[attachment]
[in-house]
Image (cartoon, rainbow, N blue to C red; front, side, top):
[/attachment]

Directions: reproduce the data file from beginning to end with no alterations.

[in-house]
Image (cartoon, rainbow, N blue to C red; front, side, top):